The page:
Bahrain regime interrogates more children

bhaThe authorities in Bahrain have transferred children to the public prosecution two days after Amnesty International released a statement heavily criticizing the Bahraini authorities for jailing and torturing children*.

“The regime is vindictively using its authorities to target children, women and mosques in disrespect to its commitments to respect human rights”, Al Wefaq said commenting on the trial of the children Ali Ahmed, 12, Jihad Al-Samee’i and Abdullah Yousif. “By putting more children on trial, the regime is turning its back on those states friend to Bahrain and international rights organizations”.

“Children rights that are guaranteed by all international law and conventions must be protected in Bahrain. The regime must immediately call a halt to all human rights violation that are being brutally perpetrated against children in Bahrain”, Al-Wefaq added.

“Charging children and putting them on trial proves the travesty of justice in Bahrain” Al-Wefaq stated, “it is shocking and totally unacceptable for children at such ages to have to face ill treatment and brutal assault”, Al-Wefaq concluded.

Bahraini people have held fresh protest rallies to show their solidarity with those killed or arrested during the uprising against the ruling Al Khalifa regime.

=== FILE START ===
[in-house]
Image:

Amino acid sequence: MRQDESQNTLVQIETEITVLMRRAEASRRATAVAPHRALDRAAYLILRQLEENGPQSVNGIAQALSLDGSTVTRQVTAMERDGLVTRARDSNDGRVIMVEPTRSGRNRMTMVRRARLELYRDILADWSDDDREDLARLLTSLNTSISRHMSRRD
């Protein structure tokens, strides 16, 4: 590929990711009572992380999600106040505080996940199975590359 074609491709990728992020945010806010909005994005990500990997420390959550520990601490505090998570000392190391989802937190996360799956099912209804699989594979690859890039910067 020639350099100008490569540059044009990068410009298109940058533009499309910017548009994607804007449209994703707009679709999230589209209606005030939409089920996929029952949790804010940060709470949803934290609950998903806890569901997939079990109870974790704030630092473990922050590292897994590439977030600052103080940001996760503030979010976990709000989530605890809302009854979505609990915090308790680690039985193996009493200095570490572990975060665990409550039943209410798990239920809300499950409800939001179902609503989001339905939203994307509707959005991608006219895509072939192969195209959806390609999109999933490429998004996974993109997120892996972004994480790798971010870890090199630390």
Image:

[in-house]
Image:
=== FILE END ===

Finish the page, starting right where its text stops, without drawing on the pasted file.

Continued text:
Anti-regime protests held across Bahrain

Anti-regime protesters took to the streets in Karbabad, a village situated in the northern part of the tiny kingdom on Wednesday.

The protesters carried pictures of Sheikh Abdul Amir al-Jamri, a revered Bahraini spiritual leader, who was killed in 2006.

People also took to the streets in the northern village of Samaheej and in Sanabis, another village northwest of the capital Manama, to commemorate anti-regime protesters killed by regime forces.

Since mid-February 2011, thousands of pro-democracy protesters have staged numerous demonstrations in the streets of Bahrain, calling for the Al Khalifa ruling family to step down.

One month later, troops from Saudi Arabia and the United Arab Emirates invaded the country to assist the Bahraini government to crush the peaceful protests.

According to local sources, scores of people have been killed and hundreds arrested in the Saudi-backed crackdown.

In October 2013, Philip Luther, Amnesty International’s director for the Middle East and North Africa, said, “The [Bahraini] authorities simply slap the label ‘terrorist’ on defendants and then subject them to all manner of violations to end up with a ‘confession’.”

Physicians for Human Rights says doctors and nurses have been detained, tortured, or disappeared because they have “evidence of atrocities committed by the authorities, security forces, and riot police” in the crackdown on anti-government protesters.

Protesters say they will continue to hold anti-regime demonstrations until their demands for the establishment of a democratically-elected government and an end to rights violations are met.


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